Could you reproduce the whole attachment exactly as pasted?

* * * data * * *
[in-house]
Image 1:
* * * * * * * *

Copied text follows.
[in-house]
Image 1: